Indeed, many cities, companies and citizens heeded the chancellor’s call to roll up their sleeves and integrate the foreigners who had arrived on the doorsteps of their communities.
Yet many of the newcomers are only now beginning to understand that integration — even in the form of a full-time job that includes contributions to the welfare system — does not guarantee a right to remain in the country.
German law is clear: Although an asylum seeker can be given the right to work while their application is pending, if a rejection is final, they are required to leave the country.
In the southwestern state of Baden-Württemberg, where Mr. Barry works, employers estimate that about 35,000 migrants with uncertain status are working full-time and paying taxes.
Not only would many of those applicants like to stay, but their employers, having already invested sometimes years in job training, say they would like to keep them.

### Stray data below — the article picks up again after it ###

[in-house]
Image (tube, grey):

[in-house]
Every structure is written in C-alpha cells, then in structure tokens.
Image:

Antje von Dewitz, Mr. Barry’s boss and the chief executive of the company where he works, Vaude, is one of them.
“Looking back, it’s obvious that they were still being checked as to whether they qualify for asylum,” Ms. von Dewitz said of the six employees who remain in limbo among the 11 refugees whom she employs.
“At that time, there were no fixed processes,’’ regarding how to employ the newly arrived migrants, she said, ‘‘but there was such a feeling in the whole of Germany, of integration, integration, ‘Let’s integrate!’ ”
Mr. Barry has challenged the rejection of his asylum status, and is waiting for a decision. For now, he says he will work as long as he can, even though holding a job makes it easier for the authorities to find him if they want to deport him one day.